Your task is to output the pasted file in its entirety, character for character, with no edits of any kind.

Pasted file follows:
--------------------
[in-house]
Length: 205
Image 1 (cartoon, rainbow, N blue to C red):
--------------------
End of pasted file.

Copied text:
[in-house]
Length: 205
Image 1 (cartoon, rainbow, N blue to C red):